This is Alex, she was born 1991.

Alex is my first born, I was only 20 years old when I gave birth to her, she was a perfect healthy little (6lb2oz) baby.

Like every parent does, I had her future mapped out, she was going to be so clever, go to university, maybe be a doctor, get married and have a few children, she was going to be the best at everything! (Just like every new parent thinks)

We didn’t get off to such a good start though, She was such a little dot and so unhappy as a baby, crying all the time and feeding every 1-2 hours only taking minimal amounts and mostly vomiting that back over the course of the 1-2 hours! We just went around in circles, it was exhausting. Alex didn’t meet many of her milestones on time, she met them eventually but later than everyone else her age.

Alex attended our local child development centre and saw the paediatrician attached to that, who felt Alex would benefit from a brain scan and to see the paediatrician at the hospital due her being unable to speak and being very very hyperactive, we went and had various tests at our local hospital and finally got a diagnosis, well if that’s what you can call it, The consultant saw us for our results on the 5th January 1997, she was very flippant when she delivered the results, she told us Alex’s brain was damaged, it was a part that affects speech and language, coordination and behaviour, she went on to tell us that Alex would never go to university, never get married or have children and never hold an intelligent conversation! Wow!

She then let myself and Gary walk out of that hospital that day with no help or support! To say we were devastated was an understatement.

Anyway fast forward to August/September 2008,We seemed to bumble through life up until then with ups and down but nothing that major if I’m honest, little none specific illnesses here and there (that now make sense), but relatively ok in the grand scheme of things.

So in July 2008 Alex’s grandad had a heart attack and Alex was present at the house when he became unwell and the ambulance arrived (he’s doing well now), following this trauma Alex started to become quite unwell, behaviour changes with some psychotic episodes, also bizarre eye movements and visual disturbances and constant vomiting.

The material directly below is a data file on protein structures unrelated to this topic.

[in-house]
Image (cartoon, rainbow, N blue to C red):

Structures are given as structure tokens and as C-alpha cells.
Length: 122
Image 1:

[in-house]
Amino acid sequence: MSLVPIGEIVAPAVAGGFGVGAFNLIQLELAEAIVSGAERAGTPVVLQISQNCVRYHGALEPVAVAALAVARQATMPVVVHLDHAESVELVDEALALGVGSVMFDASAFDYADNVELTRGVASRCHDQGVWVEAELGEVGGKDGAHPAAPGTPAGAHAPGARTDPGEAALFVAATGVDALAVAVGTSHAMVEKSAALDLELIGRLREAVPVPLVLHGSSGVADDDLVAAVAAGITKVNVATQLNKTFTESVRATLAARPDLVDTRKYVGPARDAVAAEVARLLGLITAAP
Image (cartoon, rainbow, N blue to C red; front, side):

We were worried beyond belief, we didn’t know what was happening to her and neither did she, we had test after test and finally was given the diagnosis in November that Alex had suffered a stroke!! “A stroke” how could this be? She was only 17! Strokes only happen to old people, they don’t happen to 17 year olds and they especially don’t happen to my 17 year old!!

After another brain scan the consultant came to us and told us that Alex’s mitochondrial disease has spread to other parts of her brain, we had heard the word mitochondrial disease a few years ago but Alex had been so well we didn’t concern ourselves with it really and thought possibly the Dr had got it wrong somehow, but no, here it was again that word rearing it’s ugly head, but this time along with a stroke, or what we now know is actually a stroke like episode and not a stroke that old people have, still it’s a stroke all the same.

Things just seemed to be going from bad to worse with Alex’s health, she stopped being able to wee and I had to be taught how to catheterise her, she also couldn’t see properly and had to wear a patch over her glasses because she was seeing two of everything and this was making life difficult.

Her mood was terrible with terrible outbursts of anger which was very unlike Alex. She didn’t smile or laugh, I couldn’t cope with thinking I might never hear that laugh and see that smile again. We had regular visits to the neurologists, and psychologists, she was medicated for her mood, this helped slightly, as for her health the neurologist couldn’t tell us what was happening with that and just said she was going down hill and she wasn’t sure how long we would have her for, our life had come to a standstill and our whole world came crashing down around us, I couldn’t contemplate the future and what it could hold (I still can’t if I’m honest!)

We decided after one of our appointments that we would not let this illness define us and dictate things, we agreed that from that day on we would make every day count and try not to look too far into the future, we would live for today, and think about tomorrow, tomorrow!

If I’m honest I didn’t think Alex would last that year out, here we are now 10 years later, Alex isn’t the same person she was, her health has declined massively, she’s had multiple stroke like episodes although none as bad as 2008, she now suffers from tremors and myoclonic jerks which are draining.

However we are still determined to live life to its fullest and create memories each day.

Alex has been left with multiple lesions on her brain due to the stroke like episodes, we now have a diagnosis of Leigh’s syndrome/disease.

Alex has good days and bad days and the bad seem to be tipping the scales slightly, however, we will fight this disease till the end. Alex has learning difficulties so doesn’t really understand how unwell she is, rightly or wrongly we don’t tell her too much, she can’t process and digest information like everyone else can so we tend to protect her from her diagnosis a little.

Thankyou for reading our story.